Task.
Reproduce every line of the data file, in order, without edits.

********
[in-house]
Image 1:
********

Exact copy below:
[in-house]
Image 1: